This post is part of our series on people, places and things that have found new life in 2008.
When I found out last year that The Police was regrouping for a reunion tour, I immediately called my rock concert buddy to make plans to see the show. "I feel like I'm 17 again, " I told her, giddy at the thought of seeing the three hot guys (I'm talking both physically and talent-wise here) I'd dug in my adolescence take the stage at the same venue where I'd seen them almost 25 years ago.
While the concert was solid and enjoyable, the band didn't move me the way it did in my youth. The tour was successful enough that The Police are coming around again this year -- this time with fellow '80s icon Elvis Costello -- but I'm not compelled to see the show again. That's the problem with reunion shows: The reality rarely measures up to the rosy glow of memory.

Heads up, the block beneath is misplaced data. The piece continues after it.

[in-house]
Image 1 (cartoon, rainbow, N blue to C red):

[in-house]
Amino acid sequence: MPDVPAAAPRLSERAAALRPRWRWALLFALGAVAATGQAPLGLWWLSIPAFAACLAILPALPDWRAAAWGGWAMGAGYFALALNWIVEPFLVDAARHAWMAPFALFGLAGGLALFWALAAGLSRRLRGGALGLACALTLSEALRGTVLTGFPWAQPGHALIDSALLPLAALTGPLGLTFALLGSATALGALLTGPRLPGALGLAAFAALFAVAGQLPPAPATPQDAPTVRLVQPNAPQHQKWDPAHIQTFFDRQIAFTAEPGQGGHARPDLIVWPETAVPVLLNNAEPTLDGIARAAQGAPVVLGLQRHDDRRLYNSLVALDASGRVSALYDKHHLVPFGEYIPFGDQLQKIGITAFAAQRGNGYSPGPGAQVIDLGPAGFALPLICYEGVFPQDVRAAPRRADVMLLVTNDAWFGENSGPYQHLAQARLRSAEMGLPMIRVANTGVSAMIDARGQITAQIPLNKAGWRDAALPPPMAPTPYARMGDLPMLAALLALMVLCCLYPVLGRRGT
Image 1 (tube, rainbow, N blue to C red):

Take , for example, the Jackson 5: Jermaine Jackson announced plans for a reunion tour late last year, saying brother Michael was on board. No tour dates have been announced yet, and it seems likely that the self-proclaimed King of Pop is holding things up. After all, he's been pretty busy with the release of the 25th anniversary edition of the Thriller album.
Should Michael be on board? His talent is arguably still intact, but let's face it: He's not exactly the handsome young front man he once was. And even if you look charitably on his recent legal troubles, he's still one weird dude --something that wasn't apparent in the Jackson 5's heyday. Given all that, and the fact that they're all 35 years older, the brothers would be hard-pressed to recapture the innocence that helped make their music so endearing and enduring.